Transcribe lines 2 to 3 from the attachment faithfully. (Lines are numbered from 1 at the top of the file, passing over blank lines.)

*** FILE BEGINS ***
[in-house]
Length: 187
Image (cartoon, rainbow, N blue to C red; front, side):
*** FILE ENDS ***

Length: 187
Image (cartoon, rainbow, N blue to C red; front, side):